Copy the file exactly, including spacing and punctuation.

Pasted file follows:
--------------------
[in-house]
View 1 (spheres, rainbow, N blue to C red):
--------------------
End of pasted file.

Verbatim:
[in-house]
View 1 (spheres, rainbow, N blue to C red):